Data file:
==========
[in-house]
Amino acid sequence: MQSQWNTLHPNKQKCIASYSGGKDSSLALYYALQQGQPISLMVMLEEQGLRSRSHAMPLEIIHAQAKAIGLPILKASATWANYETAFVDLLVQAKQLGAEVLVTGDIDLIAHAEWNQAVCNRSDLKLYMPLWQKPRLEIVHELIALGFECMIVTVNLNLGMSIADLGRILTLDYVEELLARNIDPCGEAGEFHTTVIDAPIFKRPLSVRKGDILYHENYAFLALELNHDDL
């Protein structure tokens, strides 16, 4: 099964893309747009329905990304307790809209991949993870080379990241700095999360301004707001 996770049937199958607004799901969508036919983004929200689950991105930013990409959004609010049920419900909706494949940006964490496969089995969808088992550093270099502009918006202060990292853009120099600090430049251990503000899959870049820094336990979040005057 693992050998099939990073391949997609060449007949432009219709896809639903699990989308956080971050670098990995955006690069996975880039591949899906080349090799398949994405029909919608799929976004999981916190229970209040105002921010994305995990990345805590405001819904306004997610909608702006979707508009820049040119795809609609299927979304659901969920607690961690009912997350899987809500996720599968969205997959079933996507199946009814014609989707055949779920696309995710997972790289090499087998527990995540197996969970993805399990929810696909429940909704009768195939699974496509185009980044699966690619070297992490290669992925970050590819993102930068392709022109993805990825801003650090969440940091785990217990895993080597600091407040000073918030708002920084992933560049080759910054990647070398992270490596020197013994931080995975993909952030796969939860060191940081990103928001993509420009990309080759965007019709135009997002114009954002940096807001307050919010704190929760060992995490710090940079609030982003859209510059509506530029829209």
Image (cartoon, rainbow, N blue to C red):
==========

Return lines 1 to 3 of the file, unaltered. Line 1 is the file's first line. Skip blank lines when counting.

[in-house]
Amino acid sequence: MQSQWNTLHPNKQKCIASYSGGKDSSLALYYALQQGQPISLMVMLEEQGLRSRSHAMPLEIIHAQAKAIGLPILKASATWANYETAFVDLLVQAKQLGAEVLVTGDIDLIAHAEWNQAVCNRSDLKLYMPLWQKPRLEIVHELIALGFECMIVTVNLNLGMSIADLGRILTLDYVEELLARNIDPCGEAGEFHTTVIDAPIFKRPLSVRKGDILYHENYAFLALELNHDDL
């Protein structure tokens, strides 16, 4: 099964893309747009329905990304307790809209991949993870080379990241700095999360301004707001 996770049937199958607004799901969508036919983004929200689950991105930013990409959004609010049920419900909706494949940006964490496969089995969808088992550093270099502009918006202060990292853009120099600090430049251990503000899959870049820094336990979040005057 693992050998099939990073391949997609060449007949432009219709896809639903699990989308956080971050670098990995955006690069996975880039591949899906080349090799398949994405029909919608799929976004999981916190229970209040105002921010994305995990990345805590405001819904306004997610909608702006979707508009820049040119795809609609299927979304659901969920607690961690009912997350899987809500996720599968969205997959079933996507199946009814014609989707055949779920696309995710997972790289090499087998527990995540197996969970993805399990929810696909429940909704009768195939699974496509185009980044699966690619070297992490290669992925970050590819993102930068392709022109993805990825801003650090969440940091785990217990895993080597600091407040000073918030708002920084992933560049080759910054990647070398992270490596020197013994931080995975993909952030796969939860060191940081990103928001993509420009990309080759965007019709135009997002114009954002940096807001307050919010704190929760060992995490710090940079609030982003859209510059509506530029829209």